Home / World / Argentina's finance minister resigns, saying "significant renewal" is needed in the midst of the economic crisis

Argentina's finance minister resigns, saying "significant renewal" is needed in the midst of the economic crisis



FILE PHOTO: Argentina's Finance Minister Nicolas Dujovne gestures during a news conference in Buenos Aires, Argentina April 22, 201

9. REUTERS / Agustin Marcarian

BUENOS AIRES (Reuters) – Argentina's Finance Minister Nicolas Dujovne resigned and said in a letter Reuters saw On Saturday, he believed the government needed "significant renewal" in its economic team amid a crisis that saw the peso fall this week.

Dujovne said in a letter to Argentine President Mauricio Macri that he had given his "everything" to the job, helped to curb a significant deficit and trim public spending.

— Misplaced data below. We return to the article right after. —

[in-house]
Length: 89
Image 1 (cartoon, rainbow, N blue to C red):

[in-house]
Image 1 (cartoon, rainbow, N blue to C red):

"We have also made mistakes, without a doubt, we never hesitate to admit it and did everything possible to correct them," he added.

"I think my departure is in line with my place in a government … that listens to the people and acts accordingly," he added.

Macri has appointed Hernan Lacunza, the current Minister of Economy of Buenos Aires Province, to Dujovne's replacement, a government source told Reuters.

Argentina's peso ARS = was free for most of this week following a shocking primary election result on Sunday, when center-left Peronist candidate Alberto Fernandez denounced center-right Macri, in what was generally considered a referendum on the government's endeavor following a loan from the International Monetary Fund and the austerity measures it took as a condition of the loan.

The peso weakened 21% at the end of the week and on Friday, in a new blow for Macri, the credit rating agencies Fitch and S&P Argentina downgraded the sovereign debt rating, raising the water as the October election nears.

Lacunza is former head of Argentina's central bank and also Buenos Aires city bank.

Reporting Eliana Raszewski; writing by Aislinn Laing; Editing by Marguerita Choy

Our Standards: The Thomson Reuters Trust Principles.

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